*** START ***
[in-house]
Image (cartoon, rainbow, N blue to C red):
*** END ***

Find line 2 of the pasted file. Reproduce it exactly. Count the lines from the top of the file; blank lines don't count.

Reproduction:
Image (cartoon, rainbow, N blue to C red):